Bienal Pavilion, Sao Paulo,
Review by Barbara Lewis.
It’s testimony to the vibrant creativity and style of Sao Paulo that its international art festival – SP-Arte – can transform an object as potentially mundane and outdated as the tea trolley into a pinnacle of design.
A celebration of 90 years of the “carrinho de cha” – or tea trolley in Portuguese – took a commanding place in the design section of the sprawling exhibition in Oscar Niemeyer’s Pavilion Bienal in Sao Paulo’s Ibirapuera Park, the green lungs and heart of an outsized city of tower blocks and traffic jams.
The Ciccillo Matarazzo Pavilion, to give the Bienal Pavilion its more formal name, since 1957 has been the headquarters of the Bienal de Sao Paulo Foundation, which organises the world’s second oldest art biennale. Venice’s is the oldest.
The pavilion also hosts the central exhibition of the annual SP-Arte, already as rich a cornucopia as most ardent art-lovers can digest.
Adding to the abundance, this year’s fair included for a second year running a section on the work of prominent architects who also design furniture – in homage to Niemeyer, whose ultimate chair in which to lie back and think creatively was also featured.
Among the living architect-furniture designers, Brazilian Bel Lobo gave us Bela, a striking wooden desk.
Its classic simplicity connected it with the beginning and end of the tea trolley line-up just across the pavilion, which, from Gregori Warchavchik’s 1928’s cart to Zanine de Zanine’s 1918 version, placed the emphasis on confident, stylish lines.
A criticism in the local and art press of the SP-Arte was that it was a bubble, ignoring a turbulent political backdrop in the month the nation’s first working class president was ordered to jail as he fights corruption charges, meaning he is likely to be barred from contesting elections later this year.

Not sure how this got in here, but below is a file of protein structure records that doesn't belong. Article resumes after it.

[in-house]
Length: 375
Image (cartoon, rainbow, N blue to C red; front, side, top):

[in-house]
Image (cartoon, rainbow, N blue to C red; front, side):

It is true the joy of an exquisitely designed object can lose its charm when its price tag places it beyond the reach of all but a few.
Less escapist – or perhaps still the indulgence of the privileged – was another novelty, this time in the performance space, where living installations brought together artists of varied backgrounds to act for the duration of the fair. The actor huddled next to the heap of dirt – or is it ashes? – and ceramic urns might have been as genuinely exhausted as he looked.
On top of escapism, another charge is that an arts fair branded international was overwhelmingly Brazilian, including only a handful of big-name foreign art studios, such as Berlin’s Neugerriemschneider, represented by a shiny steel structure of bikes and a mirror in which we “BEHOLD OUR FUTURE EXECUTIONERS”.
Should that be too bleak for your taste, Sao Paulo’s Marko Brajovic studio’s Eden Tree is a possible remedy. Commissioned by Perrier-Jouet, Eden Tree is a mirrored, golden multi-sensory forest, through which you wander and absorb magical music, as a kind of objective correlative of the emotion of drinking from the Belle Epoque Perrier-Jouet bottle.
With a great deal of luck, the world might have more to justify such celebrational moments when SP-Arte’s annual fair returns next April or even in time for the full biennale in September. In the event it doesn’t, art can still console.
Barbara Lewis © 2018.